"You don't know the value of public safety service until you need them. The public must become aware that "you get what you pay for,'" adds Love.
Limited resources joins staffing as a top problem confronted by criminal justice professionals. Hennepin County (Minnesota) Sheriff Richard Stanek knows all about it. Stanek heads a department totaling 850, including sworn and civilian employees. Among his responsibilities commanding one of only two accredited crime labs in Minnesota, the challenges of heading an agency of this size add up fast, but Stanek puts his experience to work finding innovative ways of dealing with them. One strategy in particular stands out -- he takes his case to the private sector.
The sheriff says public-private partnerships give law enforcement agencies the edge they need to stay ahead. "[The private sector is] light years ahead of us, and they want to help, want to be engaged," Stanek says.
When upgrading the department's computer forensics section, Stanek sought help bringing the division up-to-date. "By using our fantastic public and private partnerships, we doubled, almost tripled our computer forensics capabilities and size," he says.
The crime laboratory has also benefited from the private sector. With increased demand for complicated analysis, lab personnel strain to meet obligations. When the lab needed help refining crime scene videotapes, Stanek went shopping for assistance at the Target Corporation based in Minneapolis, Minnesota.
"Target is great at computers and video forensics," he says, "when we have a difficult picture, they are more than happy to [help] us."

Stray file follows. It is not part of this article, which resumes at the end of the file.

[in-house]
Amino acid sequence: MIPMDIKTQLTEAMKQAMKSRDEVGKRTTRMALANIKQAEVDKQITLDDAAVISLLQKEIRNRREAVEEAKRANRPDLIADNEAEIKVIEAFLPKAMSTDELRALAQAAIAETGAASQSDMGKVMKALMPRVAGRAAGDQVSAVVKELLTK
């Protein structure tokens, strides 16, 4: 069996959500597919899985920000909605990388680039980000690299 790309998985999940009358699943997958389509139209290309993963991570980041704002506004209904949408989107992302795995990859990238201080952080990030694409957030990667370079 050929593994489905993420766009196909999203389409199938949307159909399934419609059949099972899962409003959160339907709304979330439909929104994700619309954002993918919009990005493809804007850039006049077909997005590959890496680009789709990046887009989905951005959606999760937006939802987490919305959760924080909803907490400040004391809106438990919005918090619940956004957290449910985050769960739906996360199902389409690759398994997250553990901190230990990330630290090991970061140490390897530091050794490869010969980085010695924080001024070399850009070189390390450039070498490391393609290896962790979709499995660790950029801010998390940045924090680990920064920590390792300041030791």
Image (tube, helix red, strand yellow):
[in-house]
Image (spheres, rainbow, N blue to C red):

Stanek says payback to the private sector isn't in dollars and cents, but in community service. "They have a vested interest in the community here," he says. His advice to departments with limited resources that want to draw the community closer together: Embrace partnership with the private sector and use their resources and experience.
We'll see you in court
Liability issues remain at the forefront of many criminal justice agency challenges. Richard Kreisler has spent several decades looking after police interests from a legal standpoint. The attorney, who practices in California and acts in an advisory capacity to several police agencies, says he is impressed by the way improved technology interacts with civil liability issues. "Those black-and-white digital cameras that automatically activate when an officer makes a traffic stop -- I can't think of anything that has cut down more on felicitous citizen complaints," Kreisler says. "More often than not, they show proper conduct by the officer. I can't imagine an officer on the street without one."
Another technological advance Kreisler says can cut down on liability and also create a different level of officer safety are Global Positioning Systems (GPS) -- especially the sometimes controversial tracking of cars. Like cameras that record traffic stops, GPS units have been the subject of endless debate between departments, officers and union representatives. Although officers and unions fear a "Big Brother" approach, Kreisler says most of their fears are groundless, and indeed, the devices can save an officer's life. But, he also admits that the units can be useful in identifying officers who are not on target.
"If you have a problem officer who is not out there pushing the radio car where he or she should be, GPS can be used to keep track," he says.
Kreisler also says criminal justice agencies should maintain close liaison with their attorneys to avoid liability pitfalls. "What I see are clients -- police chiefs -- who realize they have to have attorneys involved at all stages," he says.
Today's officers must not only master the techniques of arrest, search and seizure, but also learn to use sophisticated equipment that a few years ago exited only in the minds of scientists. How agencies choose to use their technological muscle and know-how helps them meet many future challenges head-on. For example, take a look at another type of GPS technology.